Verisk Maplecroft’s Natural Hazards Risk Atlas 2015 is a study that assesses the natural hazard exposure of over 1300 cities worldwide, which are selected based on their importance as significant economic and population centers in the coming decade. Of the 100 cities with the greatest exposure to natural hazards, 21 are located in the Philippines, 16 in China, 11 in Japan and 8 in Bangladesh.
The Philippines’ extreme exposure to countless natural hazards is reflected by the inclusion of no less than eight(!) of the country’s cities among the top ten most at risk globally, including Tuguegarao, Cagayan (2nd), Lucena, Quezon province (3rd), Manila (4th), San Fernando, Pampanga (5th), Cabanatuan, Nueva Ecija (6th), Batangas (7th), San Carlos (9th) and Naga, Bicol (10th). Port Vila in Vanuatu (1st) and Taipei City, Taiwan (8th) are the only cities not located in the Philippines to feature in the Top 10.
The study continues to say that natural hazard risk is compounded in the Philippines by poor institutional and societal capacity to manage, respond and recover from natural disasters, something that can be observed time and time again after calamities hit. In addition to assessing exposure, the Natural Hazards Risk Atlas also evaluates a country’s ability to manage and mitigate the impacts of natural hazard events through something called the Socio-economic Resilience Index. While Japan, which ranks 178th out 198 countries for resilience, is classified as ‘low risk,’ the Philippines (80th), is considered ‘high risk’, in part due to entrenched corruption and high levels of poverty.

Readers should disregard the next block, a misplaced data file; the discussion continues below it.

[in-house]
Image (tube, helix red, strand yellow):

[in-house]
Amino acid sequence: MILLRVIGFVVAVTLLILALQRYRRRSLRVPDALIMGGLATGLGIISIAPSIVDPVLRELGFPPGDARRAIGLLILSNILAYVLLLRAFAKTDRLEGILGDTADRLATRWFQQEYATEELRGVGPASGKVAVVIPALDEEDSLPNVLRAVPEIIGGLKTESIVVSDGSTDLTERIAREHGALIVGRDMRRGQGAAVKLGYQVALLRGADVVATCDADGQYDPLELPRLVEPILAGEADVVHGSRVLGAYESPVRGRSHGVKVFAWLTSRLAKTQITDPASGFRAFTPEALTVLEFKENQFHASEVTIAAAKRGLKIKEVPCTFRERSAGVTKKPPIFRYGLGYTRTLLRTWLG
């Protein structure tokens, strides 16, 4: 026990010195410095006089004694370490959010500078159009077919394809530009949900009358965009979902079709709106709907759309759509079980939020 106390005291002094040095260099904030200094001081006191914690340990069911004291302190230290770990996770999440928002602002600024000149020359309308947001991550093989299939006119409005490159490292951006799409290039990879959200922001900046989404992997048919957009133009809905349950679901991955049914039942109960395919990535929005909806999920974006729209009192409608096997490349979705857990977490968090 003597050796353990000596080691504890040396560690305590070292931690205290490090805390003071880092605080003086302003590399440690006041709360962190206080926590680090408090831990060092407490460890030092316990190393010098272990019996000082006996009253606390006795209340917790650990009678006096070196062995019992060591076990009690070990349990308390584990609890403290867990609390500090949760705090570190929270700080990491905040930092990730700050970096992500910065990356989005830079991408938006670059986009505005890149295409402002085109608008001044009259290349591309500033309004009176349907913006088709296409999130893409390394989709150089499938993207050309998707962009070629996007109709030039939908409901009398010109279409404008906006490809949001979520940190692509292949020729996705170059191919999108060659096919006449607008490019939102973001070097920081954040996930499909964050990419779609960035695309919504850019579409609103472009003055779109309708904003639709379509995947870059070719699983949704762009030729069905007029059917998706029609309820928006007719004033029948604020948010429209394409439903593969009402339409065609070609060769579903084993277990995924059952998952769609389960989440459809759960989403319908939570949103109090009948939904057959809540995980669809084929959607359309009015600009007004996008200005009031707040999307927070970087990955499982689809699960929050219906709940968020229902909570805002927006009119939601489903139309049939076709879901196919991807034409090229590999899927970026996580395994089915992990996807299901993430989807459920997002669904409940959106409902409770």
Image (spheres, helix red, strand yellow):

Dr Richard Hewston, Principal Environmental Analyst at Verisk Maplecroft, had this to say about the study: “With foreign investment continuing to flow into countries highly exposed to natural hazards, those which are unable to demonstrate robust resilience may lose an element of their competitiveness. Company decision-making over sourcing locations or market entry is increasingly influenced by issues such as strength of infrastructure and institutional robustness.”
The message then is pretty clear: If the Philippines wants to compete on a global scale in the long term, then the risk of natural disasters isn’t a problem as long as there is enough resilience in place to deal with the fallout. This means better government responses and better disaster preparedness are vital for economic success, and the fight against corrupt elements in the way of these efforts must continue at an advanced pace to ensure a bright future for the country.